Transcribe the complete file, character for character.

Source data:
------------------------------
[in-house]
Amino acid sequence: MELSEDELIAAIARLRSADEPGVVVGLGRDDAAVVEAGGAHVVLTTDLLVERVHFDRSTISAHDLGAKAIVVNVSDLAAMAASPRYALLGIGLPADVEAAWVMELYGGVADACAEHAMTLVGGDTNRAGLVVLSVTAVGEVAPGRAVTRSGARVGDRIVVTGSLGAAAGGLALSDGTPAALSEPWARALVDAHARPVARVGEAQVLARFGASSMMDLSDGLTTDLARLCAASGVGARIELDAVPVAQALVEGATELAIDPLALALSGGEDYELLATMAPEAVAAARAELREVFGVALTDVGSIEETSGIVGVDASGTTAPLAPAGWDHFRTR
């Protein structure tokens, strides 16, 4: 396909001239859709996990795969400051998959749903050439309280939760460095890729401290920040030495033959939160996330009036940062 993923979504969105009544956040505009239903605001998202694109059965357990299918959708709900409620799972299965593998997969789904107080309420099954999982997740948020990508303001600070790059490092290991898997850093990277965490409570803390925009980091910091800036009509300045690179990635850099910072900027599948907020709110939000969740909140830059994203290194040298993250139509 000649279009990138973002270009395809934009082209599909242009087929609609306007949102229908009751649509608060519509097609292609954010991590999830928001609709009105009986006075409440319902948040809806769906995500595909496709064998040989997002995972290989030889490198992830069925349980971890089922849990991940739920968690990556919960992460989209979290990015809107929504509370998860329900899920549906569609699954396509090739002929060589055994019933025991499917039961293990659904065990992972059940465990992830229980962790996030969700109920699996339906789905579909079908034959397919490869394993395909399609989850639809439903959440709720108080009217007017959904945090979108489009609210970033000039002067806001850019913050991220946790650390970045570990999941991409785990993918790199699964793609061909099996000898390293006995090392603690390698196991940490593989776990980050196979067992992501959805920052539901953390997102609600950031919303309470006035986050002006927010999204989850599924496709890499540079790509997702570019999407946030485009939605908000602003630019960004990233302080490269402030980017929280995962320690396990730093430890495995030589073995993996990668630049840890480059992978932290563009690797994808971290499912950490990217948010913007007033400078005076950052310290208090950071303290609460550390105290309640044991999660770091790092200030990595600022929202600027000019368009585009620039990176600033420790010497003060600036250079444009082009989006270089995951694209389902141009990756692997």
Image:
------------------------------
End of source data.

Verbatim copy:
[in-house]
Amino acid sequence: MELSEDELIAAIARLRSADEPGVVVGLGRDDAAVVEAGGAHVVLTTDLLVERVHFDRSTISAHDLGAKAIVVNVSDLAAMAASPRYALLGIGLPADVEAAWVMELYGGVADACAEHAMTLVGGDTNRAGLVVLSVTAVGEVAPGRAVTRSGARVGDRIVVTGSLGAAAGGLALSDGTPAALSEPWARALVDAHARPVARVGEAQVLARFGASSMMDLSDGLTTDLARLCAASGVGARIELDAVPVAQALVEGATELAIDPLALALSGGEDYELLATMAPEAVAAARAELREVFGVALTDVGSIEETSGIVGVDASGTTAPLAPAGWDHFRTR
């Protein structure tokens, strides 16, 4: 396909001239859709996990795969400051998959749903050439309280939760460095890729401290920040030495033959939160996330009036940062 993923979504969105009544956040505009239903605001998202694109059965357990299918959708709900409620799972299965593998997969789904107080309420099954999982997740948020990508303001600070790059490092290991898997850093990277965490409570803390925009980091910091800036009509300045690179990635850099910072900027599948907020709110939000969740909140830059994203290194040298993250139509 000649279009990138973002270009395809934009082209599909242009087929609609306007949102229908009751649509608060519509097609292609954010991590999830928001609709009105009986006075409440319902948040809806769906995500595909496709064998040989997002995972290989030889490198992830069925349980971890089922849990991940739920968690990556919960992460989209979290990015809107929504509370998860329900899920549906569609699954396509090739002929060589055994019933025991499917039961293990659904065990992972059940465990992830229980962790996030969700109920699996339906789905579909079908034959397919490869394993395909399609989850639809439903959440709720108080009217007017959904945090979108489009609210970033000039002067806001850019913050991220946790650390970045570990999941991409785990993918790199699964793609061909099996000898390293006995090392603690390698196991940490593989776990980050196979067992992501959805920052539901953390997102609600950031919303309470006035986050002006927010999204989850599924496709890499540079790509997702570019999407946030485009939605908000602003630019960004990233302080490269402030980017929280995962320690396990730093430890495995030589073995993996990668630049840890480059992978932290563009690797994808971290499912950490990217948010913007007033400078005076950052310290208090950071303290609460550390105290309640044991999660770091790092200030990595600022929202600027000019368009585009620039990176600033420790010497003060600036250079444009082009989006270089995951694209389902141009990756692997």
Image: